Alignment, Text Direction and All That Annoying Stuff

As translators we often times need to write texts (documents, emails, blog posts) that use more than one language.

Most times, this is an easy enough task: simply switch the language on your device.

For those of us that deal with languages that are written from right-to-left however (Hebrew, Arabic, Persian…), it might help to sharpen our understanding of alignment and text-direction.

Quick solution

If you find yourself on the wrong side of a text area, search for the right-to-left mark ‏and press it.

The symbol that typically depicts a right-to-left text direction button. The button will usually look like this or a slight variation of this.

This will bring you to the right-hand side of the editor and place all numbering and punctuation appropriately (periods, question marks, etc. will go on the left).

Lining it up – alignment

In some cases, we wish to write some text in a right-to-left language, but still want it to line up with the rest of our left-to-right text. That is, we wish to add text whose proper direction is from right-to-left but we want it to align with the rest of our document.

For cases like this, we can use the alignment setting.

Typical buttons indicating alignment. From left to right: left align, center, right align, justify.

For example:

This is some text from left to right.

וזה טקסט מימין אל שמאל.

As you can see, the punctuation in our Hebrew text is formatted correctly, while we still managed to push it to the left of the page.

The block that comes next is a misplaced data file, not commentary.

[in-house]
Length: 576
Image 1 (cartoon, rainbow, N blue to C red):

To sum it all up

Text direction will display the text correctly in terms of styling, punctuation and numbering.

Alignment will determine from which side of the page the line will begin.

 

*Note: Direction also determines alignment unless otherwise specified. That is, if only direction is set, then it will automatically adjust alignment accordingly. i.e.

right-to-left text direction dictates right alignment

left-to-right text direction dictates left alignment

Bonus: finding the true end or beginning of a line

Many times when mixing right-to-left and left-to-right text in a single document, we press enter and we don’t get the desired results.

That is, we want to start a new line, but instead, the line that we’re on simply gets pushed down…or vice versa.

A simple fix for this is to use the home and end keys on your keyboard (this is not relevant for mobile devices as these keys are not available).

Home and End keys on a typical keyboard.

Pressing home, regardless of text-direction or alignment, will bring you to the beginning of the line. From here, pressing enter will push down the line you’re currently on.

Pressing end will bring you to the end of the line. From here, pressing enter will start a new line.

 

…Not too bad right?

Try it out next time you’re conversing with a client or translator on 2 Drops.

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